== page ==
Technology

Microsoft Gives MSN an Overdue Face-lift


In the formative days of the Internet economy, Microsoft (MSFT) put a high priority on its Microsoft Network, MSN. Time and again it repositioned the service, morphing it from a dial-up Internet access provider to an entertainment-oriented site and then to a jack-of-all-trades Web portal. Eventually Microsoft turned its attention elsewhere. Although still large, MSN.com became one of the most uninspired addresses on the Internet. It served as the ramp to the Internet mainly for the sort of PC buyers who never bothered to change their default home page. "The brand MSN has stood for so many things that it's somewhat muddied," says Kevin Lee, CEO of Internet marketing firm Didit.com. "It hasn't really stood for anything." Now, for the first time in a decade, Microsoft is giving MSN a face-lift. On Nov. 4 some of the millions of users of the MSN home page will see a less cluttered site that for the first time lets users access Twitter and Facebook feeds without having to leave the page. A section called MSN Local Edition provides news of local doings such as concerts, restaurant reviews, and weather and traffic reports which vary based on the user's location. "This is a much needed update to a site that hasn't been given much attention in a long time," says Altimeter Group analyst Jeremiah Owyang. Bing fuels gains in search shareThe biggest change is the increased prominence accorded Microsoft's five-month-old Bing search engine. "Our No. 1 priority is to drive search market share," says Scott Moore, MSN's executive producer in the U.S. Bing represents one of the brightest glimmers of hope for Microsoft's beleaguered, loss-making Internet operation. The search engine has drawn praise for the relevance of its responses and for the inviting National Geographic-style photographs on its home page. Bing also led the way in serving up access to a feed of Twitter status updates known as tweets. As a result, Microsoft's share of the lucrative search market increased to 9.4% in September, from 8.0% before Bing's introduction, according to comScore (SCOR). "We've made an emotional connection with people that we'd never even hoped for," says Yusuf Mehdi, senior vice-president for Microsoft's online business audience group. "That doesn't happen all the time with Microsoft. We tend to be more functionally driven." An improved MSN could accelerate the pace of Microsoft's gains in the search market. That's because MSN is gigantic by any measure. The company says 600 million people come to MSN each month, although many do so via Microsoft's HotMail e-mail service or the Windows Messenger instant messaging service. About half of Bing searches originate on the current MSN.com, but a large swath of MSN users still use Google (GOOG) or another search engine. "A large percentage of MSN users have been unaware of Bing," says Greg Sterling, an analyst at Search Engine Land who researches Internet trends. Microsoft can gain a larger slice of the search market through MSN than by other means, such as becoming the default search engine on Facebook, Sterling says. "There is a massive installed base of people that are loyal to the site," he adds. social networking tools still lag?That's not to say that the redesign is anything revolutionary. Analysts say the biggest change is cosmetic. Rather than a bazaar of 33 separate tabs on the home page, there will be five, including news, entertainment, and sports. To give Bing greater prominence, Microsoft will generate lists of popular topics based on what individual users have been searching for. Even the graphic design of the site takes its cues from the cleaner look and feel of the Bing site. Moore is an old Microsoft hand who left to lead Yahoo's media operations. The MSN revamp got under way after he returned to Microsoft in January. Over dinner, Moore and Rick Eames, a former Apple (AAPL) designer, decided on the outlines of a simpler, more useful site. While users of Yahoo's MyYahoo site can configure their home page as they wish, the new MSN will automatically display local weather, news, and even winning lottery numbers in the local section. "It's like the local edition of the newspaper—a geographic lens on your life," Moore says. Another goal was to get more in step with the social networking craze. Here, some analysts say, the company has come up short. While users can see their tweets and Facebook updates from friends, they can't directly access the apps they use on those sites. Yahoo, on the other hand, prominently features such apps. Microsoft executives say they will respond to other demands in the quarters ahead, including the release of a mobile version in 2010. In the meantime Mehdi says the company is smart to focus on better meeting the needs of the hordes of MSN users who want simplicity. "Yahoo makes you do a lot of work to customize [your home page], but most people don't want to do a lot of work."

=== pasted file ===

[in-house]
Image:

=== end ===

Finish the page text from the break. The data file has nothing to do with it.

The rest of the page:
Burrows is a senior writer for Bloomberg Businessweek, based in San Francisco.

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